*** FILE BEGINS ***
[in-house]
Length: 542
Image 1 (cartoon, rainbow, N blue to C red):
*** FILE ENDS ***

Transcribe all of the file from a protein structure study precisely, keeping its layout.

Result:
[in-house]
Length: 542
Image 1 (cartoon, rainbow, N blue to C red):